In the interview with prosecutors, Baca said he had always been willing to cooperate with the FBI, but he also made clear that he had been upset at the time about the federal agency’s incursion into his domain.
“Let me say this,” he responded when a prosecutor asked him if he had ever told others he resented the FBI for investigating the jails. “Resentment is not a word that I typically use on anything, including the FBI. Was I angry? Yes. Did I feel that it caused more difficulty than it should have? Yes.”
Fox’s precise delivery contrasted with Baca’s off-topic discourses and occasionally combative tone.
Fox began the interview by assuring Baca that he was not a target of a federal criminal investigation. The prosecutor, however, warned that could change down the road.
The questioning soon turned to an emergency weekend meeting Baca attended with his staff days after learning about the smuggled cellphone.
“Are you talking about the Saturday meeting?” Baca asked.
“The famous Saturday meeting,” Fox responded.
Baca, an avid runner, explained that he had been scheduled to compete in a road race the morning of Aug. 20, 2011, but scratched so he could attend the meeting.
Fox pressed the sheriff on whether he recalled any discussion about keeping FBI agents away from the inmate, Anthony Brown, who was providing information on corruption and beatings by deputies. Soon after the meeting, sheriff’s officials secreted Brown to a remote jail facility and registered him in the department’s computer system under fake names.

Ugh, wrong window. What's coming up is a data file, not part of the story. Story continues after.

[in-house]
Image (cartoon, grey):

“Whether Saturday or ensuing days, I’m not aware of any direct involvement with any conversation about keeping the FBI and Mr. Brown away from one another,” Baca said.
Prosecutors alleged in a complaint filed this week that Baca was not being truthful and that he did discuss keeping the FBI from Brown. According to the plea agreement, Baca ordered that Brown be isolated and that deputies investigate how Brown obtained the cellphone, putting Tanaka in charge of executing his orders.
As Fox continued to try to pin Baca down on the issue, the sheriff maintained that he had been concerned only about keeping Brown safe from other inmates as well as deputies, leaving the details of how to handle Brown to others.
I don’t believe anyone should lie under any circumstances.
Fox pointed out that other inmates who had made allegations about violent deputies were not treated the same way. The prosecutor asked whether the safety concerns were tied to Brown’s status as an FBI informant.
Baca evaded the questions, instead shifting blame onto the FBI for secretly investigating the jails without alerting him. If the FBI had asked him for access to Brown, he would have happily given it, Baca said.